• The Monsters from Evolve all have this as their shtick; they grow stronger by consuming animals, also becoming larger and spiky with each progression. They start out weaker than the human hunters out to kill them in the first stage, are roughly equal in strength during the second stage, and exceed them in the third and final stage.
  • The Zerg from StarCraft are spawned as catterpillar-like Larvae. They can then mutate into several different kinds of monster, themselves sometimes able to become something worse. And they evolve on a personal level, with successful mutations applied to the baseline.
  • In Fe, the young Lizard Folk that the eponymous protagonist befriends early in the game look and behave dramatically different from their adult counterparts encountered later on, which take the form of large frilled snakes with manes and antlers, basically serpentine dragons or wyrms. Taken a step further with their overlord, who is a mountain-sized sea serpent. The protagonist's species also qualify, resembling hedgehog-flying squirrel hybrids as juveniles, but maturing into anthropomorphic foxes.
  • The Alien Death Slug from The Visitor starts out as a fat little pink worm, but it absorbs DNA from everything it kills, causing it to grow bigger and develop a new organ based off of what its eaten. For example, eating a frog grants it a grabbing tongue, and eating a spider allows it to project webbing.

     Webcomics  

  • In Sluggy Freelance Aylee has gone through this over a dozen times, eventually turning into a fifty foot tall dragon and finally into the most dangerous creature of all ... a woman!
  • Starslip features the Jinxlets. Adorable little bug creatures that gain nourishment from cuddling. When fed Royal Jelly, however, they turn into terrifying berserker engines of destruction.
  • The "Jayslob" from Awful Hospital constantly mutates throughout Fern's battle with it, and as the name suggests, it Was Once a Man (a very cranky man named Jay). We get to see it metamorphosize in real-time, thanks to Bogleech's love of Body Horror.

     Web Original 
  • The Ornimorphs from Serina are a species of highly-derived avians whose life cycle simulates the entire evolutionary history of life on earth. They hatch from eggs laid in water into a swimming tadpole-like form, and gradually grow into amphibian-like, reptile-like, and dinosaur-like juvenile forms before becoming arboreal gliders that eventually take to the sky as adults. The adult form, spending its entire life on the wing, lays its eggs by skimming over bodies of water to start the cycle anew.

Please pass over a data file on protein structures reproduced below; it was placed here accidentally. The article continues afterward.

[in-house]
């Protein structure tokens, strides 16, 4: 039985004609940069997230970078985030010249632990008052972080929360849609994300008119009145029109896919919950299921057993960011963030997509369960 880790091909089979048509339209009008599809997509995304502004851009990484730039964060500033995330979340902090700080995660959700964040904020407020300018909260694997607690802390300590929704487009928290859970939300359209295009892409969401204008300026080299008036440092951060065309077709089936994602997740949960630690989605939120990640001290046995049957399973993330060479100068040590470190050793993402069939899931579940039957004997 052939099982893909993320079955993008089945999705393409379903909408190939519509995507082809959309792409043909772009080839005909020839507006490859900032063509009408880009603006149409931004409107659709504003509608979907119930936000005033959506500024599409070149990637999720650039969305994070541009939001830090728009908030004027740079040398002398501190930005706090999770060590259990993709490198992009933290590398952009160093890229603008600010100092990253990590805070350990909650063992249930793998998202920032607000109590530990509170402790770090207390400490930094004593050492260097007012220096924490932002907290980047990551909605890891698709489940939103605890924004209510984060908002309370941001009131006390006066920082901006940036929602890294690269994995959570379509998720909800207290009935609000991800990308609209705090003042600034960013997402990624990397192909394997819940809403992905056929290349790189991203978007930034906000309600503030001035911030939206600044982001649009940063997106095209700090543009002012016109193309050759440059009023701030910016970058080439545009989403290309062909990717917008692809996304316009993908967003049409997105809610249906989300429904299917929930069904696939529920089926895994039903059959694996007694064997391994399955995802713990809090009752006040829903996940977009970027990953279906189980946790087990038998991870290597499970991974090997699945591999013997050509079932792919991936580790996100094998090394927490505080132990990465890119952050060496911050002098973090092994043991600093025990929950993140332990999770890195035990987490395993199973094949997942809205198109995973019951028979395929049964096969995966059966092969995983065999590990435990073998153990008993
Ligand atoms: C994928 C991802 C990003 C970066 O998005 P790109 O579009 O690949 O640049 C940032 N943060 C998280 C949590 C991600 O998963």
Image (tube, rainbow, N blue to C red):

Western Animation  

  • A Space Ghost episode had Jan and Jayce adopt a cute l'il creature called a star fly, unaware that it was the larval form of a giant glowing Kaiju called a star beast. It grows up fast and seems threatening, but in the end, it remembers Jan and Jayce and refuses to hurt them.
  • Played With in Steven Universe, as Rose Quartz mentions that she was surprised to realize that children and adult humans were even the same species. Her species are Born as an Adult, so it never even occurred to her that something could change so much over its life cycle.
  • In Futurama, the crew discover a mysterious but delicious food that looks exactly like popcorn shrimp, just filling up holes on another planet. They sell it on Earth and it becomes hugely popular...which is bad, because it turns out those are baby Omicronians, and the parents are naturally miffed at the Earthicans for eating their children.
  • Batman: The Animated Series: Poison Ivy once made a series of plant-human hybrids that began their life as a plant before taking on a human appearance, quickly aging from child to adult, and then transforming into a humanoid plant before they died. She used the monstrous form to commit robberies and the human form to act as her family (husband and stepsons at the various age points) to provide the illusion she'd reformed.

     Real Life  

  • There are tons of critters with weird life cycles. Insects, for example, lay eggs that hatch into worm-like larvae, who gorge themselves until they can spin a cocoon around themselves. That itself hatches into a mature adult. There may also be sub-stages of larval development, called instars.
    • The other method is Nymphs, which are flightless, usually aquatic mini-versions of an insect that eventually grow wings and lungs.
  • Similarly, frogs start out as fish-like tadpoles. Eventually, they grow into four-legged amphibians.
  • Plants can have a "haplodiplontic" life cycle, which is kind of like "seeds that spread spores by fertilizing themselves, and can also clone more haploids".